loss of one fifth in efficiency they are on an equality with locomatives at sixty miles an hour; below that speed the locomotive is to be preferred; beyond it, the motor is the cheaper servant.
While this work shows evidence on every page of the scientific mastery of its subject, the authors are plainly men desirous of meeting the practical difficulties which the operation of electric railways presents every day. They are also fully aware that the investor is less interested in the analysis of electrical machinery than in the simple question, Will it pay? Commercial considerations receive full and sensible treatment. Others than superintendents and investors can read this work with profit. It is as good an example as American literature contains of scientific principles applied to the solution of practical problems—problems, too, as important in their social as in their commercial bearings. Progress in electric traction means the relief of congested cities, the expansion of wholesome suburbs, on a scale impossible to the steam locomotive. In long-distance service it stands for an advance second only to that due to George Stephenson.
Scientific Correspondence of Joseph Priestley. Edited, with Copious Notes, by Henry Carrington Bolton. New York: privately printed. Pp. 240. Price, $2.50. E. F. Brown, 180 Warren Street, Brooklyn, Agent.
The "Father of Pneumatic Chemistry" expected to be remembered chiefly for the theological views which he put forth, having been in early life a Unitarian minister, and a writer on theological subjects throughout his career. Hence his modest autobiography, which was expanded into two volumes, with the addition of several hundred letters, by his son and J. T. Rutt, contains almost nothing about his scientific investigations. To supply the lack of material relating to his work in the latter field, Dr. Bolton has collected ninety-seven letters, nearly all written by Priestley, his correspondents being Josiah Wedgwood, Captain James Keir, Sir Joseph Banks, and others in England, and Dr. Benjamin Rush and others in America after he came to this country. They contain many interesting details concerning the progress of his researches on the gases, several of the most important of which were discovered by him. The letters are supplemented by many biographical, bibliographical, and explanatory notes by the editor, and the volume contains a portrait of Priestley and one of Josiah Wedgwood. There is also a synopsis of correspondence of Dr. Priestley, consisting chiefly of letters from him to his brother-in-law, Mr. Wilkinson, from 1790 to 1802. An appendix contains a descriptive list of the likenesses of Joseph Priestley in oil, ink, marble, and metal, embracing ninety-three items; an account of the Lunar Society, in Birmingham, founded by Matthew Boulton, Erasmus Darwin, and others, and of which Priestley was a member; and an inventory of Dr. Priestley's laboratory, which was sacked by rioters in 1791.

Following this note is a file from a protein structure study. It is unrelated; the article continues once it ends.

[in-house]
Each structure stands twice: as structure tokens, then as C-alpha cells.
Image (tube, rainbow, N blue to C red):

Diphtheria: its Natural History and Pretention. By R. Thorne Thorne, F. R. S. London and New York: Macmillan & Co. Pp. 266. Price, $2.
Statistics show that the death-rate from diphtheria in England and Wales has been increasing during the last twenty years, and more rapidly in the cities than in the country. This disease thus presents a contrast to the majority of zymotic diseases, the death rate from which has been lessened as physicians have gained more knowledge of their nature and as sanitary conditions have been improved. In view of its fatal and little understood character, the author has undertaken to collect what is known in regard to diphtheria. It appears that the broad geological features of a district have no influence on the development or diffusion of the disease. A chart prepared by Dr. G. B. Longstaff shows that the death-rate has been high in some counties and low in others on the same geological formation. Yet the author is convinced that a surface soil which retains wetness and organic refuse, together with an aspect exposed to cold wet winds, tend to the fatality of diphtheria. He further discusses the general nature of the disease, its relation to scarlet fever and to croup, the influence of schools in spreading the infection, and milk as a vehicle in which it may be carried. The measures of prevention which are suggested by his study of the subject are stated in detail, and his general conclusions as to the natural history of diphtheria are also given. The volume contains